The government on Friday took strong exception in the Supreme Court when the parties challenging Aadhaar scheme said the country was creeping towards becoming a “concentration camp” and a “totalitarian state”.
The high-voltage hearing before a bench headed by Justice J Chelameswar saw Attorney General K K Venugopal strongly objecting to the use of these phrases by senior counsel Shyam Divan who appeared for those having reservations over the policy relating to the unique identification scheme.
Divan contended that the policy to make Aadhaar mandatory for availing benefits of all welfare schemes “invades upon the right to privacy of a citizen since birth” as even minors are compelled to part with their biometrics.
“We are creeping into a situation where the entire country will become a concentration camp,” Divan argued before the bench which also comprised Justices A M Khanwilkar and Navin Sinha.
He said the Centre cannot compel anyone to give his or her biometrics as this will enable the government to have a “complete control over citizens, right from birth … which means it will be a totalitarian state”.
“It will be a totalitarian state as each and every movement is tracked since your birth and the entire country becomes a concentration camp,” he asserted.
The Attorney General intervened at this stage and said Divan was ignorant about the Aadhaar scheme as the people below the poverty line were going to be the beneficiaries of the welfare measures.
Venugopal, whose view was sought regarding the issue being finally decided by the apex court's constitution bench, said he had objections to Divan's submission as the media would tomorrow come out with reports that India is a concentration camp.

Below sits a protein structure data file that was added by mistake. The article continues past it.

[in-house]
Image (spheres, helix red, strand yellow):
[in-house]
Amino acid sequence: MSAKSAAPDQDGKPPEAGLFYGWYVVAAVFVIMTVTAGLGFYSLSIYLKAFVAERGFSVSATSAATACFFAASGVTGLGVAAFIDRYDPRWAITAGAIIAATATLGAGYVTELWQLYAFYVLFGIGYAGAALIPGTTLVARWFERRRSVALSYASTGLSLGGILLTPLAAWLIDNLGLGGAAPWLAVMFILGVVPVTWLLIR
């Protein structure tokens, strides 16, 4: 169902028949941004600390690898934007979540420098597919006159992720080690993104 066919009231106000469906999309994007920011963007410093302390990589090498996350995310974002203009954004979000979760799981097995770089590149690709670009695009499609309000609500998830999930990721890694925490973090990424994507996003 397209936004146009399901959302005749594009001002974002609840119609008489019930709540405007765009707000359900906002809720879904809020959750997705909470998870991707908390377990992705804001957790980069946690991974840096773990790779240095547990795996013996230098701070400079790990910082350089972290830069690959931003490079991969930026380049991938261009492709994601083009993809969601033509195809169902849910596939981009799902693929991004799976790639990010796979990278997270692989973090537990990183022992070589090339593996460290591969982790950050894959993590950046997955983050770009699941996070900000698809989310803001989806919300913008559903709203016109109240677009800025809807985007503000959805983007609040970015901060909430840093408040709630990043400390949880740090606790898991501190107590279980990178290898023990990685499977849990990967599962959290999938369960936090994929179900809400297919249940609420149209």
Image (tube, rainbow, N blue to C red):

The Attorney General said the significance of Aadhaar was to ensure that the state-run schemes reach the grassroots and are not swallowed enroute.
“Please do not term it as a concentration camp,” he said.
However, Divan was unperturbed and said he will continue to say that the country was “creeping towards becoming a concentration camp” and that “I have said so in my affidavit”.
The Attorney General took exception to his submission and said “if he continues to say it is a concentration camp, I have strong reservations. The media will write that India is becoming a concentration camp.”
At this juncture, the bench intervened and said it cannot control the language of a lawyer unless he or she is using an “unparliamentary” word.
“We have no control over the language unless it is unparliamentary. Hyperbole is always part of the Indian system,” the bench observed.
However, Divan stuck to his stand and said “It is not hyperbole. It is an under-statement”.
After this exchange, the bench deliberated on the issue of referring the matter to a constitution bench and asked the parties to urge the Chief Justice to set up a larger bench to decide on the issues relating to Aadhaar.